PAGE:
impaired, more falls are likely to occur while
leaning to one side) may look like attitude.
transferring into, onto and out of bed, chairs
Maybe you will think the person just doesn't
Difficulty Waiting Don't let this "Huntington's Disguise" fool
Difficulty controlling impulses is caused by you! This person may be smiling on the
changes in the brain and not by the person inside, very interested in what you're saying
being selfish or impatient. People with HD to him, and does like you. Don't give up!
cannot wait. When they want something,
they want it now. "Big Burst of Movement"
People in the more advanced stages of HD
Respond immediately. Do not make them
often have difficulty controlling voice and
wait. If you can possibly help, do it as soon
their movements. For example, when getting
as possible. If you promise to help them in a
up from a chair the muscles in their legs
minute, make sure you really can do it in a
may use more force then needed to lift them
minute. Only make promises you can keep.
off the seat, giving the misimpression that
If you really mean five minutes, say that:
they are leaping out of the chair.
and be there in five minutes.
As you help bathe, the person with HD may
All other things being equal, if two call lights
try to gently lift their arm to help you lather
are lit, respond first to the person with HD
them up. Instead, they have a "big burst" of
and impaired impulse control!
arm movement. It may appear that you
were hit and not helped!
"Big Burst of Movement" Continued
These uncontrolled "bursts of movements"
If your person with HD still smokes
may lead a new staff member to think that
cigarettes, you can assume that smoking
the resident is kicking, hitting or throwing a
is very important.
plate from the table, resisting care or
This person has suffered loss after loss; his
job, his driving a car, his friends, his place in
Always be aware of these "big bursts".
the family and his ability to live in his own
Position both the resident and yourself so
home. Smoking often takes on a symbolic
that your safety will not be compromised.
importance as "the only thing I've got left".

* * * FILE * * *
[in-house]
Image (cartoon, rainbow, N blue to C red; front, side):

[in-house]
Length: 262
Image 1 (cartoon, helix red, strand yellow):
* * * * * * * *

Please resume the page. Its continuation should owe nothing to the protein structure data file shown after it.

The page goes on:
Over time, you’ll learn more precisely how to
On admission, review the facility's smoking
anticipate these big bursts.
policy and discuss the policy with the
resident. Show them where they can smoke.
Importance of Routine
People with HD have problems starting, If people require assistance and supervision
continuing, finishing, planning and while smoking, set a daily routine schedule
anticipating what is happening. So, these immediately and discuss the routine with
changes in thinking and processing other staff.
information work best when they have a
daily routine. Remember, impulse control problems mean
the person with HD cannot wait..especially
Nursing homes have a very orderly routine. for a cigarette. Supervise them closely for
Meals and medication passes at the same safety: consider using a smoking vest.
time every day are examples.
Importance of Dental Care
Try to work out a routine of care for
HD's movements make it difficult for the
activities of daily living with the whole
resident to brush his teeth effectively.
team so that most care occurs at the same
It also makes it difficult for you to help
time every day. Set a schedule as soon as
them. It makes it harder for dentists
possible for bathing, dressing and eating.
to treat them.
The same familiar caregivers for this resident
Prevention is especially important. To
will help them fall into the daily routine.
increase calories many eat high-sugar diets
If doctor visits or other activities are not
that contribute to tooth decay. Please make
routine occurrences, tell the person with HD
the extra effort necessary to brush their
what will soon happen in order to avoid
Thank you for caring!
The above is also available in a handout
brochure. Please contact Jim Pollard.